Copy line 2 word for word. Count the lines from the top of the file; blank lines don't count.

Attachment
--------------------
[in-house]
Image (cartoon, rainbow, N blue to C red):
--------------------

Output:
Image (cartoon, rainbow, N blue to C red):